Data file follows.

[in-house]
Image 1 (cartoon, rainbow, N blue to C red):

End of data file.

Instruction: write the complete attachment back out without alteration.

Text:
[in-house]
Image 1 (cartoon, rainbow, N blue to C red):